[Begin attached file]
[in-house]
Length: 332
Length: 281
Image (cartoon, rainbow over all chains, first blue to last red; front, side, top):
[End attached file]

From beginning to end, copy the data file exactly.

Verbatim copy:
[in-house]
Length: 332
Length: 281
Image (cartoon, rainbow over all chains, first blue to last red; front, side, top):